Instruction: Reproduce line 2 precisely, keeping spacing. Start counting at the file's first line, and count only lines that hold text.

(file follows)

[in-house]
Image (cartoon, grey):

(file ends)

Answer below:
Image (cartoon, grey):